The auditorium stage featured a simple but evocative Indonesian motif. The backdrop showed Mount Bromo, an iconic volcano in East Java. Inscribed on it were the words semper fidelis, semper in laetitia (always faithful, always joyful).
The Prelate began by speaking to them about the day’s liturgical feast, the Transfiguration of the Lord. He encouraged everyone to be aware of and thankful for the blessings they receive and said that both suffering and joy are expressions of God's love and presence. “If God is with us, who can be against us?” he quoted St. Paul. Therefore, “Be not afraid.” Faith will give us the strength and the happiness that will enable us to transmit the joy of the Gospel to others.
Two boys awarded the Father a Guinness World Record Certificate for being the first Prelate of Opus Dei to visit Indonesia. He was also given a “blangkon”, a Javanese headdress, which symbolizes elegance and self-mastery.
Budiono, a civil engineer, asked the Father about how to sanctify professional work and convert it into a service to souls.
“Seeking holiness in work,” the Prelate said, “is at the core of St. Josemaria Escriva’s teachings.” We must seek to offer our work to God, he said. He talked of ways to remind oneself of God’s presence while working, like placing a small crucifix or a picture of our Lady on one’s work table and asking for strength to accomplish well the tasks given by superiors. Through work well done, we can help people become better Christians, the Father said. And if those around are not Christians, we can help them grow in human virtues and be better persons, he said.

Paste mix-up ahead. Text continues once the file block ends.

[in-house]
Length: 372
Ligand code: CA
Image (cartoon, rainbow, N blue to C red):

Felicia shared with the Father that her daughter in Portugal recently joined as an Associate of Opus Dei. The Father invited her to thank God for this gift to her family, and he reminded her that her role as mother has not ended. The Holy Mass and her prayers remain key to helping her daughter persevere in her divine calling, likewise for her own perseverance as a mother. “Prayer is our only weapon” he recalled Saint Josemaría saying.
The get-together concluded with the performance of a folk dance: Tari Lengang Nyai. The dance originates from an ethnic group in West Java and depicts agility and cheerfulness.